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Adaugat in data de 04-07-2013

CEE financial markets influenced by global liquidity debate

CEE financial markets influenced by global liquidity debate

„The GDP readings for the first quarter of 2013 in Central and Eastern Europe (CEE)1 were quite mixed, but negative trends set the overall tone. While Romania and Hungary beat the expectations, disappointing results were mainly seen in the region’s larger economies, such as Russia, Ukraine, Poland and the Czech Republic. In Austria, the flat result was in line with our estimates. In 2013, GDP growth has been the weakest since the crisis year of 2009,” starts Peter Brezinschek, head of Raiffeisen Research, a unit of Raiffeisen Bank International AG (RBI), his analysis in the recent publication for the third quarter „Strategies Austria & CEE“.

The situation in CEE did not change much in the second quarter, either. Most of the industrial production data for the spring indicate that activity is still in the process of bottoming out. Leading indicators, however, are pointing modestly higher, nourishing hopes of a tiny increase in GDP for the second half of the year. Nevertheless, moderate GDP growth rates will not return until 2014. “We have lowered our projections for some individual countries, like Russia or Ukraine, leaving the CEE region as a whole with a real GDP growth forecast of around 2.

3 per cent for the coming year, which still falls significantly short of the potential growth rate. The Austrian GDP may expand by up to 1.5 per cent in 2014, supported by net exports and private consumption, as well as the beneficial situation in Germany,” Brezinschek continues.

Austria: lower payroll taxes primarily to be financed by spending cuts 

As inflation has also declined to new lows in most countries this year (with the exception of Russia and Romania), budget consolidation efforts are proceeding slowly. In Austria, the fact that the budget balances for 2013 and 2014 are estimated at less than 3 and 2 per cent of GDP, respectively, is due exclusively to the above-average growth in revenues, in particular the wage/ income tax. The revenues side is also supported by an average inflation rate of 1.9 per cent, which continues to be stubbornly higher than inflation in the Eurozone.

“Consequently, the reduction in payroll taxes, which will be necessary after the elections in our opinion, will have to be mainly financed by spending cuts in order to maintain Austria’s attractiveness as a business location”, says Brezinschek regarding the upcoming Austrian general elections in September.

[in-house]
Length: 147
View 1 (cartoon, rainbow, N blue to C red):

Short-term pressure on CEE currencies possible

The downward trend in interest rates across the CEE region including Turkey has been accompanied by a very expansive monetary policy by the ECB. The declines in inflation will allow for further cuts in interest rates until the end of the year, but these reductions will likely come to an end in the next six months, due to the global liquidity debate and expected rebounds in economic activity and inflation. 

“Until the spring, declining interest rate differentials were still supported by short-term capital flows, but in the short run these flows of “hot money” are likely to turn around and thus generate pressure on CEE currencies. By year-end, however, we project somewhat better exchange rates versus the euro again”, says Brezinschek.

CEE equity markets hit by negative sentiment on the Emerging Markets

Whilst the declines in yields on most CEE government bonds reflect the positive side of the global liquidity supply, the equity markets are being hit more by negative sentiment on the Emerging Markets. In particular the big stock exchanges in Russia and Poland are impacted, whilst Hungary, Croatia and Romania were able to slightly be in the black since the beginning of the year. “Discussions about a change in the US Fed’s policy will have a detrimental impact on the CEE markets as well. Initially, the stock markets all over Eastern Europe will thus suffer through a period of corrections, but conditions should then improve towards the end of the year in 2013 as economic expectations begin to brighten up”, outlines Brezinschek his forecast for the second half of the year. 

For government bonds, the negative impact of international capital flows is balanced out against positive developments in domestic interest rates. Russian government and corporate bonds offer attractive potential for returns over a horizon of three to 12 months. Polish and Romanian government bonds are also recommended for purchase for a term of two to six months.

Croatia’s accession of the EU opens up long-term opportunities for Zagreb stock exchange